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Interior Design Basics - Part 1

Updated: Aug 2, 2019


I really enjoying discovering more about how to create beautiful and functional spaces. I thought I would share some snippets of what I’ve learnt, in case they’re useful for you to think about in your own home. In this post I’m looking at design elements or the ‘building blocks’ of interiors – Space, Shape, Light, Colour, Line, Texture and Pattern. In my next post, I’ll share about Design Principles.



Space

This is the volume of the room. It’s helpful to consider not only the floor space, but the height of the room too. You might want to make a room feel more spacious or more cosy and this will influence the colours and furnishings you pick. For example, we used to live in quite a large house so we bought oversized furniture to fill the space. Now it all looks a tad cramped in our smaller house. Furniture that is too big for your space can actually make the room look smaller.


Shape

Obviously all rooms have shapes, but the course got me thinking a bit more about how I use and contrast these. For example, long curtains around shorter windows can make them seem larger than they are. It's a good idea to mix rectilinear (square or rectangular furnishings) with curvilinear ones like this round coffee table amongst otherwise rectangular objects.




Light

This comes from two sources, natural and artificial. I think in the past I have been pretty good at thinking about natural light (I try to cram as many windows into a space as I can and generally am not a big fan of heavy curtains or blinds), but artificial lighting is something to think through more. At home where I grew up, we always had these horrendous fluorescent white lights above the dining table that made the house feel like a surgical operating theatre. I am a much bigger fan of soft, warm lighting. Think about adding some lamps to your space that can create more cosy lighting options. Dimmers are also a great way to find a balance between mood and functionality.


Colour

Colour obviously has a huge effect on an interior space. I could do a post all about colour (and will one day!) but suffice to say, it can influence the mood of a room, an object in a room, and the illusion of space and size of the room. Colour is complex and can be hard to do with confidence. Maybe I’m just not bold enough to use it well yet, but I’ve always tended toward light, neutral palettes at home. We have a small house, so white really helped to enlarge the spaces. The 60/30/10 rule is helpful – 60% of your room should be your main colour, 30% a secondary colour that complements the first colour, but provides a little contrast, and 10% your accent colour. So for example, in our house, white is our main colour (walls, sofa, chairs, benches), beige/wood is our secondary colour (window frames, table, floor) and green is our accent colour (pot plants and accessories).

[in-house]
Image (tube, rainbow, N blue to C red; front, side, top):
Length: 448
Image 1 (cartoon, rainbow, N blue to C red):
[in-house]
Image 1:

Line

Lines help setting a certain mood within a space. Next time you look at a space, note which way the majority of lines flow. Vertical lines, for example, create formality and dignity (eg. a column) and can also make a room feel loftier. Horizontal lines are more informal and restful (eg. low, long lines of furniture) and can make a room feel cosier. Diagonal lines create movement, though too many diagonals can make a space feel hectic. Curves make a room feel natural and flowing.


Texture

Texture is one of my favourite ways to bring depth and life to a room, especially when you work a lot with neutral palettes like I do. A room should encompass more than your visual senses – a soft, furry pillow or throw rug can make an otherwise stark room feel inviting. Texture again has a big effect on the room – making a space feel rustic and informal (more texture) or refined and sophisticated (smooth surfaces). Using a textured pillow or throw are great ways to bring more depth, interest and cosiness to a space.



Pattern

I haven’t been great at using patterns, as I love block colours, so I am excited to play around with them more in the future. Pattern is more than textiles too – it can be the pattern of wood panelling, or a brick wall, or the shadows cast in a room and can create real visual impact if used well.


I hope some of these principles have been helpful in thinking through or changing your own home interiors. Would love to hear your thoughts on what’s worked for you! And if you find these posts interesting, please do check out our store for some great handmade interior styling pieces!


Love,

Elaine



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